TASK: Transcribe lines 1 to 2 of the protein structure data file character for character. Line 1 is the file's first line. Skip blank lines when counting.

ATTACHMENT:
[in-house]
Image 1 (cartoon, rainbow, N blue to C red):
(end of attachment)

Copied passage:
[in-house]
Image 1 (cartoon, rainbow, N blue to C red):